jdaggett: It's only an illusion that this is smart.  It only goes so far.
             In many situations it will not look right.
   florian: This kind of table can only be maintained by Unicode.
   Steve: I'd propose we either drop upright or leave it as forced upright
          as Koji suggested.
   Steve: And we have the option, later, if a table for smart upright is
          later defined that we think is worth adopting, we have the option
          of adding a value to use that.
   Florian: I think that's fair.
   fantasai: My original intention with text-orientation that all values
             would be usable at a span level or at a paragraph level.
   fantasai: If upright becomes forced-upright then forced upright is only
             usable on a particular span, because it breaks on hyphens,
   fantasai: I don't see any use case where forced upright is better than
   Steve: Do you want to take upright out?
   Steve: We don't have a definition of what smart upright would do.
   jdaggett: We need upright in some situations.
   jdaggett: Need to have it for making Latin upright.
   Florian: I think we're in agreement.
   fantasai: I'm not happy with upright being a forced upright, but I'm
             not going to override the WG.
   fantasai: I don't think there's a use in having a value that is always
   fantasai: We could use the data that are already there.
   Florian: I think having smart upright would be nice, but I wouldn't do
            it before Unicode defines and maintains what it means.
   jdaggett: I think smart-upright is an illusion.
   koji: UTC had some discussion on this, and they may add the value of
         ??? in the future.
   Bert: Can you explain difference between smart and forced?
   fantasai draws "(some-text)" in both forced and smart upright
   jdaggett: With a regular font this isn't going to work, because regular
             fonts don't have vertical metrics.
   fantasai: If you have a font that has vertical metrics, or you're using
             capital letters...
   fantasai: People want to do this on book spines and things -- to get
             this effect without smart upright, you need to put spans
             around ( - and )
   jdaggett: For the set of use cases here I think that's acceptable.
   alan: esp. if you have to modify the spans individually for the lack
         of font metrics
   fantasai: If you don't have vertical metrics you might as well use ...
   Florian: I understand that smart upright is valuable, and I think we
            can pursue it in the next level based on what's going on in
   Peter: We're still calling the value 'upright'?
   jdaggett: If you have smart upright, then you have no way of forcing
             character to upright
   fantasai: You could use tate-chu-yoku.
   RESOLVED: text-orientation:upright is a forced upright; it always means
   * fantasai is sad we are resolving to add a feature that has no use case
   koji: Excel does forced upright up until 2007; switched to smart upright
         in 2007.  Been doing vertical writing since 1995.

   koji: Last one is HO property is being removed from UTR50 draft 7.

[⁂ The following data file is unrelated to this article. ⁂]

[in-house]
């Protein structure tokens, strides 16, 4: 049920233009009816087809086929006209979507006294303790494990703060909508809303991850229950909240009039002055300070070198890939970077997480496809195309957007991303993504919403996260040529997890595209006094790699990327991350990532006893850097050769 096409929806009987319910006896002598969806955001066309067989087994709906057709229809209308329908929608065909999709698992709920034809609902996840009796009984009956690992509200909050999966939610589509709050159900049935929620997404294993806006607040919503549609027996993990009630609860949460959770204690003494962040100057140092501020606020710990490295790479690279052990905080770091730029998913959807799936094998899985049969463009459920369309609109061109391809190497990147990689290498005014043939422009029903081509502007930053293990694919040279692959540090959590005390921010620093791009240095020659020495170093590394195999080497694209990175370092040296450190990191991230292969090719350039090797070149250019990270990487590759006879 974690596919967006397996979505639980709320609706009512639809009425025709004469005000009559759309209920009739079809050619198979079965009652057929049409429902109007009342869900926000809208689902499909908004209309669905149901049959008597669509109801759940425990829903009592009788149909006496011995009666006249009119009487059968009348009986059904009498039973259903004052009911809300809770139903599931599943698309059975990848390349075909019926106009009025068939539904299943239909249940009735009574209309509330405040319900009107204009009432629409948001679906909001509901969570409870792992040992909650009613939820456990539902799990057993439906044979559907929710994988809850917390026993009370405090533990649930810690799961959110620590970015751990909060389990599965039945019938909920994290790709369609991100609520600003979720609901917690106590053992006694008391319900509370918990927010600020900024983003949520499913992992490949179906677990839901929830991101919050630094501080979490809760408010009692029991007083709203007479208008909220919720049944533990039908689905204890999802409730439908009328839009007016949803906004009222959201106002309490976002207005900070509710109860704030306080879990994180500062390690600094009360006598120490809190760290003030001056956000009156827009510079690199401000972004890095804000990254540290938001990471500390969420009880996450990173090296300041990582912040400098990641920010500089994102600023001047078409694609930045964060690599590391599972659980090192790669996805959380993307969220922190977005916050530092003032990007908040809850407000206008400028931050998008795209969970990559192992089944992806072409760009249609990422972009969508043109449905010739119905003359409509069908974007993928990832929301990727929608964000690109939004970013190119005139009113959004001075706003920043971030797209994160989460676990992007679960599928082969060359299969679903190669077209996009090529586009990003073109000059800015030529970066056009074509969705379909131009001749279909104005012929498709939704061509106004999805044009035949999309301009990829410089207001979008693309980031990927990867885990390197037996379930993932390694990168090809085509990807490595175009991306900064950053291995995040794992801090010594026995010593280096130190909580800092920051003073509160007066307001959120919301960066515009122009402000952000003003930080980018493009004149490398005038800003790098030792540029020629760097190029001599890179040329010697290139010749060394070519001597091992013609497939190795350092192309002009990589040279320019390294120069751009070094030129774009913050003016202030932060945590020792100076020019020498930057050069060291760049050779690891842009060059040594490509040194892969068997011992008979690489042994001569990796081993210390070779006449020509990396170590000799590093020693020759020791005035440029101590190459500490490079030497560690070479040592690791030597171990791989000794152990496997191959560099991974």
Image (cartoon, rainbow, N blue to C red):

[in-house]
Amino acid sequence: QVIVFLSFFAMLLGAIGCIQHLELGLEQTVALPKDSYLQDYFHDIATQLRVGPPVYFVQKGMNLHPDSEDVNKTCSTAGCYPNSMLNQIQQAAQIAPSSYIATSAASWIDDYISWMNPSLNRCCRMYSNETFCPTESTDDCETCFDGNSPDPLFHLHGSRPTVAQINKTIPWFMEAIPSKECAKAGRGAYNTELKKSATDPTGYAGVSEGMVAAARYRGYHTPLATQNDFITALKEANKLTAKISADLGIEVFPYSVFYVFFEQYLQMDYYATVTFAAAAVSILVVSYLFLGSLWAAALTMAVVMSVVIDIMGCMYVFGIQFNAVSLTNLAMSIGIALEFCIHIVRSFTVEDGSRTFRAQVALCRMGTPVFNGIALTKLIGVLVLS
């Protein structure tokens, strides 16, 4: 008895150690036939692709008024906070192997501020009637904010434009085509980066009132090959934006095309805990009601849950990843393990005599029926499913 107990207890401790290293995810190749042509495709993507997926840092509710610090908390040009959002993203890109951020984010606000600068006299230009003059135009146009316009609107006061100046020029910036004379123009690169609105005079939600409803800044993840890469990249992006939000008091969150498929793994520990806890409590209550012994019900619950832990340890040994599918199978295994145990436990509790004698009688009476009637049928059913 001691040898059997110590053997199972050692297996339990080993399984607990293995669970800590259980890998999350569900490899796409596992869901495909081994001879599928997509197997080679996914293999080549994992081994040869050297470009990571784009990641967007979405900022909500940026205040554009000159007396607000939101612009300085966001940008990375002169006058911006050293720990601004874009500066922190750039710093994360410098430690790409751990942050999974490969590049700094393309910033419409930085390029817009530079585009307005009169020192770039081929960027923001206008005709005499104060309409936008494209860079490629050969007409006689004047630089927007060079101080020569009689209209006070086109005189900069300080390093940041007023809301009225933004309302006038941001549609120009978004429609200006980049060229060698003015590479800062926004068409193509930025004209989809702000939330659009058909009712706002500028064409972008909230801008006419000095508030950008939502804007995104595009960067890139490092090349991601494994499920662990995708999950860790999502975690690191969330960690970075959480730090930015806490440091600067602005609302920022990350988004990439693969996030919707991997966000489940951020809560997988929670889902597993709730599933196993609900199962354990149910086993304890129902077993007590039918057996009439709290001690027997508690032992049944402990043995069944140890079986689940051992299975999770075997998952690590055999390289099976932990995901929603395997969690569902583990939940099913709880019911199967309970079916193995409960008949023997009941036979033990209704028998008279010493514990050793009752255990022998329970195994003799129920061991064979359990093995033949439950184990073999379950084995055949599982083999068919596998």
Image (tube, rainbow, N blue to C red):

jdaggett: Mongolian and Phags-Pa are vertical-only languages, but for
             convenience when they are discussed in English text they are
             often rotated into the horizontal
   jdaggett: The way the fonts are designed -- typically designed rotated
             90 degrees.
   jdaggett: The HO property was to call out set of scripts that have this
             behavior -- scripts that are vertical only but rotated left
             when displayed horizontally
   Glenn: Goes back to history of Mongolian
   [discussion of history of scripts]
   jdaggett: It was never really a very important property, because it
             just said whether the script was Mongolian or Phags-Pa.
   Koji: Some points have different orientation of glyphs from the Unicode
         code chart.
   Koji: So to make visually correct orientation you have to render
         differently from UTR50.
   Koji: Because UTR50 reflects against code charts, and code charts and
         fonts don't match.
   Koji: ...
   jdaggett: Summarizing:  the handling of Phags-Pa and Mongolian is
             different from other scripts in the way you deal with
             orientations, and you can leave it to implementations to
             figure that out.
   Steve: Using the horizontal metrics in vertical settings
   jdaggett: Spec can write a simple sentence saying that the way fonts
             are designed for Mongolian and Phags-Pa are unique, and
             implementations need to deal with that separately.
   fantasai: Problem is that the Unicode code charts have it upright
             as though in vertical text, but fonts have it sideways
             assuming reference is horizontal text.
   Steve: Just the way people historically made the fonts.

   Bert: schedule?
   jdaggett: I think the draft needs cleanup first.
   fantasai: Also need to wait for UTR50 to publish an update.
   Steve: As long as it's in something equivalent to last call or one
          step away from...
   jdaggett:  First we need a WD that just says [...]
   jdaggett: The ED right now points at a fictitious property.
   Bert: What schedule do we expect?  LC soon?
   jdaggett: Depends on edits Koji makes in Unicode.
   koji: ... incorporates changes that have been discussed.  Draft 7 will.
         Expect to publish next UTC (November).
   koji: UTC has public review period after the draft.  If people agree
         with it, could go quickly.
   jdaggett: First step is to get a WD that says ...

   fantasai: Other thing we were blocked on was an objection from Glenn
             on the naming of the logical directions.
   Glenn: before/after vs. head/foot
   Steve: Glenn made one objection, Murakami-san made one, I'm unhappy
          (but only unhappy)
   jdaggett: Can we put an issue in the spec labeling this as an objection?
   GLenn: Don't want to block this; I'm in the unhappy category.
   Glenn: Some concern about cultural notion of head and foot.
   jdaggett: Why can't we mark this as an issue?
   jdaggett: shouldn't block this as a WD
   [agreement, it seems]
   [desire to resolve before LC]
   Steve: Are people willing to reconsider this or should we go away and
          give up?
   Florian: I'd prefer not to reconsider.